Planners set to throw out lodge plan for shooters Friend of Prince Charles in row over Moors hut

Brian Dooks A FRIEND of the Prince of Wales is in dispute with Yorkshire Dales National Park planners over the reconstruction of an ancient shooting lodge in a remote area of Upper Wensleydale.

Hugh van Cutsem, who owns grouse shooting moors at Mossdale, west of Hawes, wants to demolish and rebuild Hilary's Hut, which appears on the first edition of the six-inch Ordnance Survey map.

Mr van Cutsem, whose guests at Mossdale have included the Prince, has begun letting day shooting for grouse to increase income on his Mossdale Farms Estate and this has permitted the employment of a second gamekeeper.

At present shooting parties eat lunch in what Mr van Cutsem describes as "an unpleasant looking green tin hut". He wants to get rid of the tin hut by using traditional materials to rebuild Hilary's Hut, which stands on the skyline at a height of 1,414ft.

Hilary's Hut stands beside substantial stone walls and Mr van Cutsem has told National Park staff: "The size of this ancient shooting hut is, of course, minimal beside the walls and one could argue that the walls are far more intrusive, being extensive and highly noticeable."

The Norfolk farmer and bloodstock breeder, who is a Government appointed member of the council of English Nature, says the second gamekeeper has helped the management of the moor and resulted in improvements not only to the grouse but also the Mossdale sheep.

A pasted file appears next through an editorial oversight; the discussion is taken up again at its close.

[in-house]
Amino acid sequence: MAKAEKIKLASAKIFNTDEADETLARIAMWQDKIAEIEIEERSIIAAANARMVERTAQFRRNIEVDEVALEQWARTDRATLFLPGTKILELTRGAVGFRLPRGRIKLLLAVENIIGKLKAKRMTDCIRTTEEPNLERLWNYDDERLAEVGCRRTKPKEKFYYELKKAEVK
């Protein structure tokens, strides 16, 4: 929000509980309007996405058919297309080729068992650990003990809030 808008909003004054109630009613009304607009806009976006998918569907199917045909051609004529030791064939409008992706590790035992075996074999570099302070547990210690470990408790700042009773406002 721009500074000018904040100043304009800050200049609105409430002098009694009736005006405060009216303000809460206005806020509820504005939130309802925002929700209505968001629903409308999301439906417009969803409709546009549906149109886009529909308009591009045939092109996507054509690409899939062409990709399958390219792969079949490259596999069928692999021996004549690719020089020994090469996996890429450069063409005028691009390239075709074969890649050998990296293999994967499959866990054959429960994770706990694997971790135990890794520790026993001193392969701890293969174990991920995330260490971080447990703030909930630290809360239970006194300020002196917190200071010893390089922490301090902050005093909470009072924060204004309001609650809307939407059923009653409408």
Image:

"These keepers can only be paid by having an appropriate level of shooting income which is becoming increasingly difficult to obtain due to competition from other moors with excellent facilities. Hilary's Hut will be a most important help in this respect in the future."

But planning officer Daniel Child is recommending the authority to refuse permission because development on open uplands identified in the Yorkshire Dales Local Plan can only be approved in the most exceptional circumstances.

He said: "The question for members under current policy is, therefore, whether or not in this instance the proposed hut for shooting purposes represents 'most exceptional circumstances'."

There is a further conflict because Mr van Cutsem has refused to move Hilary's Hut to avoid it appearing on the skyline. Mr Child said: "The chosen site does not minimise intrusion into the landscape and there are alternative solutions that would reduce the impact."

While officers were preparing their report they noticed an access track had been created as part of a scheme to build 36 shooting butts that was withdrawn after objections from the Ramblers' Association. The track's unauthorised construction is being investigated.

brian.dooks@ypn.co.uk